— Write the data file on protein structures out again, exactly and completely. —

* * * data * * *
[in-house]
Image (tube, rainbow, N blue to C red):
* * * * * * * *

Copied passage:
[in-house]
Image (tube, rainbow, N blue to C red):